So it has been 10 days and my flat has turned into a small leak. Everyday I wake up to go to work and everyday I have to put a little air into my tire. I am sure there is something inside that is causing a recurrent flat. Regardless, no bike shop wants to touch a slimed up tube and I haven't had the time to try and figure out what is causing my tire issues. It seems to me that only thing that is keeping me in business is this slime.

Apparently this slime in the tubes reseals small holes and punctures. Although it is annoying having to pump air in my tires everyday, it is more annoying to have to change a flat. I know eventually the joy will end but so far so good.

Thursday, April 14, 2011

The Pashley's First Flat

So last night I got a little buzzed on Duvel and decided to bike ride to the supermarket and buy some BBQ items. I purchased way too much stuff to safely carry back, but carry back I did. Since I was a little drunk I decided bike riding at high speeds on the street was unwise so I broke the law again and rode on the sidewalk nice and slowly. I kept jumping curbs all while transporting a huge amount of groceries. I came home, unpacked my stuff and started to BBQ sometime around 10PM last night.

I woke up this morning, got ready for work, and finally went out to hop on my bike for a trip to work. I found that there was green goo all over the floor under my bike and my tire had several splotches of green goo. WTF?! Then I realized what happened - in my drunken haze the night before I must have gotten a flat and not realized it. Well, this bike has been ridden well over a thousand miles and probably close to 1500 without one flat. My road bike can barely do 100 without a flat.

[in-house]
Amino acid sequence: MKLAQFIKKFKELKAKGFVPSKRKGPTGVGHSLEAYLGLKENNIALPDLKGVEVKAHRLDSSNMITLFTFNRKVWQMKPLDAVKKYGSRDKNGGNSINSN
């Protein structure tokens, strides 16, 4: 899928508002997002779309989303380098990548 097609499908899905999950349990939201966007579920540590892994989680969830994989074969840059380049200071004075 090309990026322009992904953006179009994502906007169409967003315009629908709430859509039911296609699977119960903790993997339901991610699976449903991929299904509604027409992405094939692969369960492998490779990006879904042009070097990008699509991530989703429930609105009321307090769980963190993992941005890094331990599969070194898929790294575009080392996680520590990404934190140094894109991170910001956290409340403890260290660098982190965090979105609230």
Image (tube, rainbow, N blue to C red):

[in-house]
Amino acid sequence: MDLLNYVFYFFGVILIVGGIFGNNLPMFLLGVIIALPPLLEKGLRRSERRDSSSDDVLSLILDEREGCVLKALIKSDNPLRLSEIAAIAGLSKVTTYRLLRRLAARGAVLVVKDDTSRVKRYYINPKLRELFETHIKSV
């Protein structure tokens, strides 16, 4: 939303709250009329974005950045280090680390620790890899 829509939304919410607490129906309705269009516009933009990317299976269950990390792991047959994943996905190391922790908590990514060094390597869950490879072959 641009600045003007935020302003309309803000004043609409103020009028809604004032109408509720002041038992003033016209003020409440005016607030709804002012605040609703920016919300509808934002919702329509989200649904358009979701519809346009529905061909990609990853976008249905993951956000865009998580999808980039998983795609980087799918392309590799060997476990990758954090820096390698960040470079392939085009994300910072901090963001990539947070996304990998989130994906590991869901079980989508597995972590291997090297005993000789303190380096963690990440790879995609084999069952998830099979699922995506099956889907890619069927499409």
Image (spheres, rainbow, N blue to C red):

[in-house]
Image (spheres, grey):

Nightmares of tube patching, tire changing, and lots of sweating crossed my mind. But the green goo - that's supposed to patch a leak. I took out my bike pump, pumped up my tire and held my breath. So far the bike has held air all day long. Could it be this green goo actually works? I guess we will see tomorrow if the rear tire holds air.

Good night all.

Saturday, March 19, 2011

So What is a NYC Bicycle Rider? - Part 2